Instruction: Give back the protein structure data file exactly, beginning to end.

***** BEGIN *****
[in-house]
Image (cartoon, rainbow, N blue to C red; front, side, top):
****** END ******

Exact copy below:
[in-house]
Image (cartoon, rainbow, N blue to C red; front, side, top):